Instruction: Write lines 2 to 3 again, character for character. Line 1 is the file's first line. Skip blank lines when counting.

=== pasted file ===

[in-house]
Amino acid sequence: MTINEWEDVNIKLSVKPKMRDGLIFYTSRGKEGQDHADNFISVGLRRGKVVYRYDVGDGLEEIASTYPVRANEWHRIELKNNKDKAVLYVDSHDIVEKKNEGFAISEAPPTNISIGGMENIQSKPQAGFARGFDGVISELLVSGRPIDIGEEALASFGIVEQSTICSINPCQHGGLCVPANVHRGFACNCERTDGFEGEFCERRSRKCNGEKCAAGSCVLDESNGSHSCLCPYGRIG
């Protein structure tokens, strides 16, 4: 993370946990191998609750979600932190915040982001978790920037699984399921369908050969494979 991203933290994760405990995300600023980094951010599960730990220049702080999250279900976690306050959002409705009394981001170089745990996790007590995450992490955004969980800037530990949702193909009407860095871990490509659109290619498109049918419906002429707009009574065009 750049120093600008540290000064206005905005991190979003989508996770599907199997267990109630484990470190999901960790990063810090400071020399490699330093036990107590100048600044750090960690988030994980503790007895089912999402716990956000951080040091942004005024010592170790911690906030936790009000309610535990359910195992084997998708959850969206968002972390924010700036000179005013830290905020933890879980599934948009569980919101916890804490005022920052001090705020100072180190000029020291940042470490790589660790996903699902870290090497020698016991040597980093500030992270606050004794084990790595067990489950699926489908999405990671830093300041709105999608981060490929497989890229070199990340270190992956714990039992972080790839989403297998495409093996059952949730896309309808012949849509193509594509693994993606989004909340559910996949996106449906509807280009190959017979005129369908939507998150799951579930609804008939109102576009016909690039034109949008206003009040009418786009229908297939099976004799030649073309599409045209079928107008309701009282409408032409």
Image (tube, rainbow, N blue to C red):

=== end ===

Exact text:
Amino acid sequence: MTINEWEDVNIKLSVKPKMRDGLIFYTSRGKEGQDHADNFISVGLRRGKVVYRYDVGDGLEEIASTYPVRANEWHRIELKNNKDKAVLYVDSHDIVEKKNEGFAISEAPPTNISIGGMENIQSKPQAGFARGFDGVISELLVSGRPIDIGEEALASFGIVEQSTICSINPCQHGGLCVPANVHRGFACNCERTDGFEGEFCERRSRKCNGEKCAAGSCVLDESNGSHSCLCPYGRIG
């Protein structure tokens, strides 16, 4: 993370946990191998609750979600932190915040982001978790920037699984399921369908050969494979 991203933290994760405990995300600023980094951010599960730990220049702080999250279900976690306050959002409705009394981001170089745990996790007590995450992490955004969980800037530990949702193909009407860095871990490509659109290619498109049918419906002429707009009574065009 750049120093600008540290000064206005905005991190979003989508996770599907199997267990109630484990470190999901960790990063810090400071020399490699330093036990107590100048600044750090960690988030994980503790007895089912999402716990956000951080040091942004005024010592170790911690906030936790009000309610535990359910195992084997998708959850969206968002972390924010700036000179005013830290905020933890879980599934948009569980919101916890804490005022920052001090705020100072180190000029020291940042470490790589660790996903699902870290090497020698016991040597980093500030992270606050004794084990790595067990489950699926489908999405990671830093300041709105999608981060490929497989890229070199990340270190992956714990039992972080790839989403297998495409093996059952949730896309309808012949849509193509594509693994993606989004909340559910996949996106449906509807280009190959017979005129369908939507998150799951579930609804008939109102576009016909690039034109949008206003009040009418786009229908297939099976004799030649073309599409045209079928107008309701009282409408032409």